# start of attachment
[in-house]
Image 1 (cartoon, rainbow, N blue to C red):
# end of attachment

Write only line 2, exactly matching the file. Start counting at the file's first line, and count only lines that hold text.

Image 1 (cartoon, rainbow, N blue to C red):